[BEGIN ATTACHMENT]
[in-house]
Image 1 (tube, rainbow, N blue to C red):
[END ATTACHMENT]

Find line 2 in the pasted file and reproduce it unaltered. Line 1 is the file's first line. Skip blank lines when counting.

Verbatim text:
Image 1 (tube, rainbow, N blue to C red):